• Socializing Provo’s health-care system, while ensuring that Provoans maintain proper diet and exercise (see V2030 6.1, 6.2).

Vision 2030 expresses a desire to guarantee every Provoan “access” to health care, which appears to be a city-level version of “Obamacare.”  Which may explain why, after our nation’s Congress passed the unconstitutional Patient Protection and Affordable Care Act of 2010, this section was excluded from Vision 2050.  What also disappeared were goals about ensuring that all Provoans live healthier lives.  As for how Provo’s city councilors considered enforcing such health laws, we can only speculate—perhaps it would involve regular home visits from “health enforcement agents” to ensure that we’re all talking enough walks and eating enough vegetables?  Creepy…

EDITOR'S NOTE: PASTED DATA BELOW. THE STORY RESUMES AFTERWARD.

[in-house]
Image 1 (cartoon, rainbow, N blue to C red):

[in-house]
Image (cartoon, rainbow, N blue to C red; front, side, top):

• Recruiting residents to help implement this statist agenda (see V2030 5.3.5, 10.1.3, 10.2, 14.3.4; V2050 7.1.3, 7.2, 11.3.4).

Provo’s city officers also want to educate Provoan children to engage in “sustainable development,” and to understand the “roles of government,” which they seemingly believe is to reign over the rest of us—and to harness some Provoans as volunteers to help them to render their statist vision a reality.  Rather than trying to finagle us into serving their interests, they should be helping us to remain free to pursue our own interests within the limits of our equal God-given rights.

Please lobby your city councilors against such such goals, and please encourage fellow liberty-lovin’ Provoans to do likewise!  Since these goals/objectives were generally their idea, they might resist relinquishing them, or they might eliminate them only on paper while pressing ahead with them in practice—but your efforts may still either slow or pause their statist plans enough to have an impact while we’re in the process of helping our neighbors to choose better successors.  And we hope that you’re already actively proselytizing your neighbors, as well, especially as our local weather is growing milder.  As a reminder, you’re more than welcome to peruse our Free Provo website for both ideas and resources.